Low incidence of BRCA1 mutations among Italian families with breast and ovarian cancer

Manuela Santarosa, Alessandra Viel, Riccardo Dolcetti, Diana Crivellari, Maria Donatella Magri, Maria Antonietta Pizzichetta, Maria Grazia Tibiletti, Angelo Gallo, Salvatore Tumolo, Laura Del Tin, Mauro Boiocchi

Research output: Contribution to journalArticlepeer-review

Abstract

Most familial breast or ovarian cancers are thought to be due to highly penetrant mutations in the predisposing genes BRCAI and BRCA2. The cloning of these genes has opened a new era for the genetic counseling of women with a family history of breast or ovarian cancer. To estimate the incidence of detectable BRCAI mutations and to define the eligibility criteria for genetic testing in the Italian population, a total of 53 patients belonging to 46 families clustering multiple cases of breast and/or ovarian cancer were investigated. Seven families presented with ovarian cancer only, 16 had both ovarian and breast cancers, and 23 were characterized by breast cancer only. Using a combination of protein truncation test (PTT) and single strand conformational polymorphism (SSCP) analysis followed, when necessary, by direct sequencing, we found 8 distinct mutations, 2 of these not reported before. Five frameshift and 2 nonsense mutations led to a truncated protein. One mutation was a missense substitution involving a cysteine in the zinc finger domain. One variant creating an ETS binding site in intron I was found but its role was not defined. The percentage of families carrying mutations was 17%. Among the families characterized by ovarian cancer only and by breast and ovarian cancer, the percentage of BRCAI mutations was 57% and 12.5%, respectively. In contrast, the percentage of altered BRCAI in families with only breast cancers was 9%. In the 46 Italian families studied, BRCAI mutations were detected in fewer kindreds than those previously hypothesized based on linkage analysis, especially when these were characterized by breast cancers only. Our results indicate that families with a low number of cancer patients should be referred for BRCAI genetic testing mainly when ovarian cancer is present.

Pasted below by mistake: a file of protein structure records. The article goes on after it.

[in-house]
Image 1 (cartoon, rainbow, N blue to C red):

Original languageEnglish
Pages (from-to)581-586
Number of pages6
JournalInternational Journal of Cancer
Volume78
Issue number5
DOIs
Publication statusPublished - 1998

ASJC Scopus subject areas

  • Cancer Research
  • Oncology

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